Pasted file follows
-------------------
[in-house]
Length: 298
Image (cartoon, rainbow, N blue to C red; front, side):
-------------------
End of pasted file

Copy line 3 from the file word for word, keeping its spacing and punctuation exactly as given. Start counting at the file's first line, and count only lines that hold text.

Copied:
Image (cartoon, rainbow, N blue to C red; front, side):